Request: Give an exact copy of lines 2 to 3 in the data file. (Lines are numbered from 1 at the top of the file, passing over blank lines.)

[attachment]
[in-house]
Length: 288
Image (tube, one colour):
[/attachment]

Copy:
Length: 288
Image (tube, one colour):